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Monday, May 27, 2024

The Civil Cold War Isn't Over

On April 9, 1865, General Robert E. Lee surrendered the Confederate Army of Northern Virginia to General Ulysses S. Grant at Appomattox Court House in Virginia. This is generally considered the end of the Civil War. As we know from history, the practices that divided us went on long after that date.

The animosity between those who advocated for the practices of the South has never fully dissipated into the sands of time. Robert E. Lee, along with other Southern leaders, were heroes to their people. While their contemporaries are long dead, their descendants carry forward their beliefs.

You might say, "They lost, we won! Get over it." Some have. Others haven't. Those who haven't still adhere to the slogan, "The South shall rise again!" Apparently, now seems as good a time as any.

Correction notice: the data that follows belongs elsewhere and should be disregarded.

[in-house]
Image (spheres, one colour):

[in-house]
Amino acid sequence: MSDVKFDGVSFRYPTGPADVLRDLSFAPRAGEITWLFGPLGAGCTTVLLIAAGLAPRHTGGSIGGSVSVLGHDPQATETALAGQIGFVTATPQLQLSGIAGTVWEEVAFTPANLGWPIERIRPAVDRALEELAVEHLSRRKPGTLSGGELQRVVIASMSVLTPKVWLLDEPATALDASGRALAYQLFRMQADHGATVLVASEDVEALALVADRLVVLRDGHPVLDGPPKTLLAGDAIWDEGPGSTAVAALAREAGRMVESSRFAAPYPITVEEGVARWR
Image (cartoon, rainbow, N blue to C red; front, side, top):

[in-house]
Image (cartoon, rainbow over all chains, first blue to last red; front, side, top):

It's ironic, then, that the Shenandoah County School Board in Virginia wants to restore the name of Robert E. Lee to a local school. Don't they know they are part of the North? I guess not. 

The Civil War was horrible. Any civil war pits family, friends, and neighbors against each other. There are no winners. We assume that without the Civil War, slavery would not have been abolished, but we don't know that.

Maybe the time for slavery to end was upon us in the late 1800s. Maybe had the anti-slavery movement gathered strength in another way, the outcome would have saved more lives, been more unifying, and resulted in the same eventual end to slavery.

We'll never know. In the meantime, the animosity continues to build, and nobody is doing much about assuaging it. The cold war may not stay cold forever.

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